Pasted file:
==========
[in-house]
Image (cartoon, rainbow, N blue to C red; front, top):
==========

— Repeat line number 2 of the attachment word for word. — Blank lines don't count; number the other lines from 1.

Image (cartoon, rainbow, N blue to C red; front, top):